Picture a quaint, 1970s suburb in small-town California. The sunshine beats down on children playing gleefully on the sidewalks. A lovely couple walks their dog while giggling intimately to each other. All is simple and content.
However, this was not the state of mind for residents of many quiet California neighborhoods during the 70s and 80s. In fact, the mood was something much different.
It was pure dread.
A Stranger Terrorizes California
During these two decades, an unknown villain crept through backyards and flower beds, peering through windows and blinds, unbeknownst to the innocent victims inside their homes.
The mysterious lurker began with petty thefts to fill his thrills- but that was only the catalyst for what was to come. In time, frightened women began reporting instances of brutal rape and abuse from an unknown man who had broken into their home.
He tended to target women who were home alone and childless. At least, this is how he began. The stranger would get braver and more intense with time. Police had a tough time connecting the crimes at first. Once they figured out that this pattern of sexual abuse was most likely committed by a single criminal, he was dubbed the East Area Rapist.
Rape, however, would soon turn to murder.
Many homes during this time period were equipped with sliding glass doors. These seemed to be the EAR’s preferred way of entrance. He also lost his fear of invading homes with men inside. He had a full-proof plan to handle them.
The EAR would gain entrance to a home and attack the male inside first. He would make him lie on the floor face-down and stack items like plates or glassware on his back. This ensured he would have a loud warning if the man would try to move. Then, he would go to another room and rape and murder the female victim. Before his exit, he would murder the male victim as well.
Twelve murders, 45 rapes, and 120 home burglaries later, police still had no idea who committed these vicious, heartless crimes from south Sacramento down to Los Angeles.
That is, until DNA identification would explode onto the forensic science scene 5 decades later.
The Secret Weapon: DNA
Joseph James DeAngelo, 72, had no clue what was about to happen as he went about his regular routine on April 24, 2018. Just as he had stalked women and men so many years earlier, police surveilled his home for a week prior to that late day in April.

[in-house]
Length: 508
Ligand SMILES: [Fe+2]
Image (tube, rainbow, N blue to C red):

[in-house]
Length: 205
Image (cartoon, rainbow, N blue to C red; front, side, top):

A DNA hit from a genetic testing company led investigators to this man’s home in Citrus Heights, Sacramento. After much patience and careful observation, police finally got their hands on “discarded DNA”. This they tested against the DNA evidence from multiple rape and murder cases from the suspected East Area Rapist.
It was finally a match.
DeAngelo was a former police officer and ex-Navy vet. In 1979, he was fired from his position at the police department for theft. Investigators are still trying to link together where he fled after that and what exactly his movements were throughout the 1980s.
Officially, DeAngelo has been charged with 2 counts of murder for the 1980 killing of Lyman and Charlene Smith.
“I’ll Be Gone In The Dark”
Michelle McNamara’s bone-chilling account of the East Area Rapist’s crimes was released in February of this year. She dubbed him more appropriately as the Golden State Killer. Her haunting retelling of this psychopath’s crimes put readers into the minds of each victim, leaving them with goosebumps and nightmares.
Before she was able to finish the last third of her book, “I’ll Be Gone In The Dark”, the inspirational Michelle McNamara died. Her husband, Patton Oswalt, along with a few colleagues completed the final chapters.
Michelle worked closely with Contra Costa County cold-case investigator, Paul Holes, while writing her true crime book. Holes had been working this cold-case for decades. The two made a fabulous and cohesive pair. She contributed fresh ideas and working theories during her time looking into the case.
Once the arrest was made public, Patton Oswalt sent out a heartfelt message to Michelle’s fans and followers of the Golden State Killer case.
With tears in his eyes, he smiled and stated, “Think you got him, Michelle.”